The IEEE Young Professionals Engagement Series (YES) is organized by the IEEE Sensors Council YP Committee.
Speaker: Peter Steeneken, Professor at Delft University of Technology; Former Principal Scientist at NXP
Date: June 30, 2021
Time: 2:00 PM Central European Time
Registration: Free, but required. Sign up using the Google Form: https://bit.ly/2SwsYNj. You will be sent the meeting link after you register.
Talk Title: Graphene for Next-Generation Nanomechanical Sensors
In this presentation, recent progress on the route from MEMS toward 2D NEMS sensors will be discussed [1,2]. After introducing fabrication and characterization methods for studying the static and dynamic motion of suspended ultrathin membranes, several concepts for sensing gas pressure using atomically thin membranes are demonstrated, including static, resonant and Pirani pressure sensing.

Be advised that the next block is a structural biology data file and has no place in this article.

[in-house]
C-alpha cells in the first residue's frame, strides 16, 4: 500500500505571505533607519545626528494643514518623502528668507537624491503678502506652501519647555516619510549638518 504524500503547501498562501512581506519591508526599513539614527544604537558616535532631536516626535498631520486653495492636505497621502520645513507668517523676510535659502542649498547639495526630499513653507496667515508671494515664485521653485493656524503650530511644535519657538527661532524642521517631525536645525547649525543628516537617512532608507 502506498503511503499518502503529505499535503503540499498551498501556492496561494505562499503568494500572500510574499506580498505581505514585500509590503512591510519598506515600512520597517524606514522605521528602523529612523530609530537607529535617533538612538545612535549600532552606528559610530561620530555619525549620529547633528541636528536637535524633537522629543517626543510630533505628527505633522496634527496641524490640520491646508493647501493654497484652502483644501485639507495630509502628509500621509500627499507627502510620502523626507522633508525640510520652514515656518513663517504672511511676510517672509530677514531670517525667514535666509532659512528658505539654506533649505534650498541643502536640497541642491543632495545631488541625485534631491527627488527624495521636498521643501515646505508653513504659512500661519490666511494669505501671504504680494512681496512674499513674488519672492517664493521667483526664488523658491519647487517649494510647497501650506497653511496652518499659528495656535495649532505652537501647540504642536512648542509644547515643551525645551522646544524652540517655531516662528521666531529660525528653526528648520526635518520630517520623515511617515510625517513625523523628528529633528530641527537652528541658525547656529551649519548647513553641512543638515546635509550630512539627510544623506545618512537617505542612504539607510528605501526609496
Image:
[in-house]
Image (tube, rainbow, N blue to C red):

Challenges to meet requirements on yield, sensitivity and lifetime are discussed and advances in optical and electronic calibration and readout methods using commercial low-cost electronics are discussed, aiming towards commercially viable graphene pressure sensor products as part of the Graphene Flagship sensors workpackage. Gas sensing concepts for analyzing gas composition based on permeation of gases through graphene nanopores are discussed and the feasibility of graphene gas pumps is shown.
About the Speaker
Peter Steeneken received the M.Sc. and Ph.D. degree in experimental solid state physics from the University of Groningen, the Netherlands. In 2002, he joined Philips Research and NXP Research in Eindhoven, as an industrial scientist focusing on the modeling, characterization and reliability of CMOS MEMS devices for sensors, actuators and RF applications.
Since 2013, he is professor of Applied Nanophysics at the Kavli Institute of Nanoscience in Delft and since 2017 he is full professor at TU Delft’s Precision and Microsystems Engineering Department, chairing the section Dynamics of Micro and Nanosystems.
Prof. Steeneken currently leads the sensors workpackage of the Graphene Flagship and the large national project Plantenna on plant-based sensor technology. He has authored more than 100 journal and conference publication and holds 44 granted US patents. His research focuses on bridging the gap between fundamental physics and applications, with a focus on high frequency nanomechanical sensor devices.